On Friday night, the Metropolitan Opera Orchestra played a concert in Carnegie Hall, under the leadership of Yannick Nézet-Séguin, the new music director of the Met. (He has just completed his rookie season.) On the program were two of the greatest pieces ever written: the Rückert-Lieder of Mahler and the Symphony No. 7 of Bruckner.

I have a question for you: If you love the music on a program, do you love or like the concert, regardless of the performance or performances? Or does quality of performance matter even more than usual, because you love the music so?

Honestly, I don’t know what to tell you. I will give that most boring of answers: It depends. Maybe we can expand on this question another time.

The soloist in the Rückert-Lieder was Elīna Garanča, the great mezzo-soprano from Latvia. As you may know, Mahler prescribed no order for these five songs. Performers order them in various ways. Friday night’s began with “Blicke mir nicht in die Lieder,” a choice that I would not make, but then, I wasn’t asked.

If I had a rule about the order of these songs, it would be this: Whatever you do, end the set with “Ich bin der Welt abhanden gekommen” (the greatest song ever written) (if it’s not “Bist du bei mir,” or “Amarilli”). Friday night’s performers indeed ended with this song.

In “Blicke mir . . .,” Garanča was not in her best voice. She had not very much low. Also, singer and orchestra were not perfectly coordinated. But this song was okay.

The next one—“Ich atmet’ einen linden Duft”—was not. It was preciously phrased. It was killed with cutesy rubato. A little straightforwardness would have gone a long way.

Third came “Um Mitternacht,” that dark but ultimately affirmative song. A big question in the Rückert-Lieder at large—and in many Mahler pieces—is, Does the music transcend? Are you able to forget time and place? Are you able to forget the performers and think only about the music, or about things that are sparked by the music?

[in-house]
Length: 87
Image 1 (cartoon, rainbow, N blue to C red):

I could not, when it came to this “Um Mitternacht.” But the peroration was nicely clarion.

Best of the songs on Friday night was “Liebst du um Schönheit,” which was caressed in classic love-song fashion. It was well breathed, by one and all.

Then there was “Ich bin der Welt . . .” I think it could have been goosed up a half-step—or a whole one?—for Ms. Garanča. But her vocal control was superb. I could almost feel it in the diaphragm (my own). It’s easy to forget, looking at this gorgeous woman and hearing her beautiful voice, that she has developed a serious, first-rate technique.

The concertmaster, David Chan, made a sweet and savvy contribution. I will tell you something small, but possibly interesting: I like the thirds in the clarinets, toward the end, a little more Jewish. A little more Oriental.

Okay, let me ask, Did the music transcend? Could you forget the performers, could you forget time and place? I could not. Ever. I doubt the audience could either. Immediately after the song ended, the audience erupted in applause and bravos—as if they had heard an opera aria. On other occasions, the audience is too transported to applaud.

Now to the Bruckner Seventh. About the first two movements, I will report some generalities. The Met Orchestra made an excellent sound, in my opinion. A beautiful, sumptuous, enveloping sound. Maestro Nézet-Séguin also directs the Philadelphia Orchestra, whose sound is almost nonpareil. On Friday night, the Met band nearly matched them.

The maestro’s tempos were slow. And the phrasing was self-conscious. I could not forget the conducting, I could not forget the phrasing, as the maestro fondled the music. I wanted the music to unfold more naturally. I thought of a Parsifal (the Wagner opera) that Nézet-Séguin conducted at the Met. Often, the notes were “placed,” as on a table. They were “just so.”

I wanted the Bruckner Seventh to have more of a Classical spine, if you will. You don’t have to go the full George Szell—and I think he was a great conductor of this symphony—but some discipline is desirable. The music was so languid. It grew dull, to me. I could not discern the arc of the piece. I thought of a jellyfish, floating through the water . . .

But, but, but: Nézet-Séguin conducted the music, and the orchestra played it, with sincerity and love. This counts for a lot.

The third movement, the Scherzo, was more “normal,” if I may. It was reasonably conducted. I like more intensity out of it, and more sweep in the Trio, but this movement was good. So was the Finale, despite some smudges in the orchestra.

And let me end with this, and say it with emphasis: Yannick Nézet-Séguin’s interpretation was not mine. But he was the one on the podium. His view of the Seventh is not mine. But that he succeeded in bringing off his own view—with full conviction and a full heart—is unquestionable.

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